Two recent developments for trucking employers could impact their operations and employee relations.  The first is a proposed rule by the Department of Transportation’s Federal Motor Carrier Safety Administration issued February 20, 2014 that would create a national clearinghouse of the drug and alcohol testing histories for truckers and bus drivers that prospective employers would be required to check prior to making hiring decisions.

The clearinghouse would serve as a central depository for a driver’s positive drug and alcohol test results, as well as any refusals to test.  Beyond the requirement to check the database prior to hiring any new drivers, employers would also be required to check records for current employees every year.  Employers also have the duty to report any positive drug or alcohol test results, any adulterated samples or refusals to test, and actual knowledge of any driver citations for driving under the influence.

The goal of the proposed rule is to improve safety by helping employers identify drivers with clean records.  The clearinghouse is being established to comply with the Moving Ahead for Progress in the 21st Century Act (H.R. 4348), which was signed into law in July 2012 and requires the Secretary of Transportation to “establish a national clearinghouse for controlled substance and alcohol test results of commercial motor vehicle operators.”  The public has until April 21, 2014 to comment on the proposed rule. 

The second development to watch for transportation employers is two cases pending before the Ninth Circuit Court of Appeals regarding whether the Federal Aviation Administration Authorization Act (“FAAAA”) preempts California’s meal and rest period requirements for drivers.  On February 18, 2014, the United States filed two similar amicus curiae briefs in the pending cases, Dilts v. Penske Logistics, LLC and Campbell v. Vitran Express, Inc., arguing that the FAAAA does not preempt California’s meal and rest break requirements because such laws are “…squarely within the states’ traditional power to regulate the employment relationship and to protect worker health and safety.”  The government further argued that these laws are of “longstanding, general applicability” and do “not reflect any state effort to regular motor carriers directly.”  The government argued that its view on the lack of a preemptive effect on such laws is entitled to deference.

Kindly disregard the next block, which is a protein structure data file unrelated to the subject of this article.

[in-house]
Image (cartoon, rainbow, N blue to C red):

The FAAAA prohibits states from enacting or enforcing laws related to a price, route, or service of a motor carrier.  In trying to defeat claims for meal and rest period violations under California law, trucking employers have argued that the FAAAA preempts state law because the requirements have a direct and/or indirect impact on prices, services, or routes since employers have to schedule employees’ routes to take into account the break requirements.

The cases are set for oral argument before the same Ninth Circuit panel on March 3, 2014.

Both of these legal developments have broad implications for transportation employers, and will be closely watched by the trucking industry.